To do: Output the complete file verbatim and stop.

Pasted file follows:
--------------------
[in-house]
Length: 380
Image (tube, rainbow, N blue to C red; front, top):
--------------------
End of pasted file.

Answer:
[in-house]
Length: 380
Image (tube, rainbow, N blue to C red; front, top):